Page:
March 3 to April 15, 2017
Opening Reception March 3, 6:00 – 9:00 pm.
Kerstin Dale recently moved from to Corpus Christi to teach photography at Del Mar College. In addition to photography, she is also proficient in wood sculpture. Dale constructs sculptural representations inspired by the Grand Canyon and Colorado River where she is a rafting guide during the summers. “The river and the canyon, as individual and complementary works of art, drive my aesthetic. Each twist, bend, layer and shade are reflections of the precious, diverse and imperiled land. I see this series as having dual purpose: to honor and celebrate the wild land each piece explores, and to inspire the continued vigilance and dedication of preservation efforts.”
Lenard Brown’s drawings and paintings merge African influences with American man-made objects like meters and road signs. “The use of mechanical objects, African masks, Adinkra symbols and other icons are about the polarity of being an African American in Western society. African art strives to be a functional component in the spiritual well being of people’s lives. Nevertheless, the Western ritual of interacting with parking meters, road signs, and other everyday objects is almost as religious.” Brown is currently teaching at Texas A & M University – Kingsville.
STILL LIFE WITH SAUSAGE
Jack Gron’s metal sculpture reflects his personal observations on current events and issues including politics, pop culture and organized religion. The wall-dependent works in this exhibition include references to everything from professional wrestling to sausage. “I found that satire, and humor served as powerful tools to enable me to present my views manifest through industrial processes and materials.” Jack Gron is Professor of Fine Arts in Sculpture at TAMUCC, where he served as Chairman of the Department of Art for eight years.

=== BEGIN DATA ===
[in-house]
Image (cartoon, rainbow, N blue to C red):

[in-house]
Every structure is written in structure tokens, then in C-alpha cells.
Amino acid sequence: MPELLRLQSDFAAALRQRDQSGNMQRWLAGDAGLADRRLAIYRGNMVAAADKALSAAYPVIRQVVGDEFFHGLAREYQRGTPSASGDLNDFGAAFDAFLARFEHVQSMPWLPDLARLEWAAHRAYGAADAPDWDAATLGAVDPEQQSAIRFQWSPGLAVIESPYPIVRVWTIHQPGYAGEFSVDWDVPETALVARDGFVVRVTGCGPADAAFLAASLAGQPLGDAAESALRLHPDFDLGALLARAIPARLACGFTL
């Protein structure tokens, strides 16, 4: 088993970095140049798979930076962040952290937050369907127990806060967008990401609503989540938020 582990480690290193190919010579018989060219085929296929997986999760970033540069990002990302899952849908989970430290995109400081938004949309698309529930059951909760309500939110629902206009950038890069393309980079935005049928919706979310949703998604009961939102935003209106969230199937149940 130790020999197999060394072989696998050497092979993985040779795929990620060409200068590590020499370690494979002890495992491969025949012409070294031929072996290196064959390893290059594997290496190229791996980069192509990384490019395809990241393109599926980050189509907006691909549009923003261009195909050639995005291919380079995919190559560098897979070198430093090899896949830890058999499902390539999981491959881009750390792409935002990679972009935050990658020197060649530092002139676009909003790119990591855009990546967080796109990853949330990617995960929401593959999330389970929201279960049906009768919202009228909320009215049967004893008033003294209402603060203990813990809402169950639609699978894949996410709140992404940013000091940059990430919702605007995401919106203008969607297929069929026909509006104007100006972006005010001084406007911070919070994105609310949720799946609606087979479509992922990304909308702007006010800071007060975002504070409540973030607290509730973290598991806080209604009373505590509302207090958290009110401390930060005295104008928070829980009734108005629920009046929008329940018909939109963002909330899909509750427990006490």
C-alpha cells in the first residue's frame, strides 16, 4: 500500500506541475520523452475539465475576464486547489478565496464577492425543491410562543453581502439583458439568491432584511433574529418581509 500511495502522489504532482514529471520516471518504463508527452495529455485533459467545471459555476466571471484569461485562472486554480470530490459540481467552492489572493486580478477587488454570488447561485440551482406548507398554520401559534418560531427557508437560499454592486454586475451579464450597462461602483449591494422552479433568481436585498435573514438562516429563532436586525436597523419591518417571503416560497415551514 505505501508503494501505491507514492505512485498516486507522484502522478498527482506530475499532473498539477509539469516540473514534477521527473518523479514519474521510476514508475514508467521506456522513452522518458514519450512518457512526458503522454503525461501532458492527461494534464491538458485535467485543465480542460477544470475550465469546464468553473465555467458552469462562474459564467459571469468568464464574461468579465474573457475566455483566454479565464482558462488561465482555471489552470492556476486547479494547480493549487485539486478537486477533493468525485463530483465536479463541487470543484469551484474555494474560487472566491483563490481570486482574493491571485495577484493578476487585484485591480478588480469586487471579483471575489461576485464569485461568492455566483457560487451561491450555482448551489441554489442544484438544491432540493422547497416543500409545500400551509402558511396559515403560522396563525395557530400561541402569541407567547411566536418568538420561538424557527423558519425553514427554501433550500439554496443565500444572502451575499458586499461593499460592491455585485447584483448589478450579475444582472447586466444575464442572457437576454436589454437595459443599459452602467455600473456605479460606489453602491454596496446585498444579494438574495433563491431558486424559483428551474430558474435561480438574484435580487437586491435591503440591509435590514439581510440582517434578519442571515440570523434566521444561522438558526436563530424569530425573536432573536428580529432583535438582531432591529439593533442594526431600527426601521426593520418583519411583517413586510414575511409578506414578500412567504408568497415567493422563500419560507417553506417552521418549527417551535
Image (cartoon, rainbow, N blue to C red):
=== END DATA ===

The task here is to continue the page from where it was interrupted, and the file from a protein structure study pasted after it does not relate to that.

Paperglyphic: New Works by Bernardo Diaz
Bernardo Diaz is an educator, administrator, and emerging artist who currently resides in Austin, Texas. Diaz received his Master of Fine Arts Degree from the Meadows School of the Arts at Southern Methodist University in 2011. Diaz has also contributed and participated in various projects with other cultural entities such as the Laredo Center for the Arts, the Art Museum of South Texas, Big Thought, Art & Seek, La Reunion, Art Love Magic, Occupy Dallas, the Latino Cultural Center – Dallas, Dallas Office of Cultural Affairs – Public Art Selection Committee, and was a contributor to the Dallas Pavilion, a tongue-in-cheek exhibition-in-print debuted at the 2013 Venice Biennale.
Diaz maintains a solid studio practice and continues to produce paintings, drawings, and collage. Diaz has dedicated his current research to notions of access which feed into projects that vary in execution and application and include discreet conversations, contrived vs. spontaneous social interactions, anonymous installations and interventions, and the exploration of the artist’s role within non-art settings. An essay and images of his work were published in Aztlan: A Journal of Chicano Studies at UCLA.